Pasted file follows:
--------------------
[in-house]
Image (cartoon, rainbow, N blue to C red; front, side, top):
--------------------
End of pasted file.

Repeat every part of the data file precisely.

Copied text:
[in-house]
Image (cartoon, rainbow, N blue to C red; front, side, top):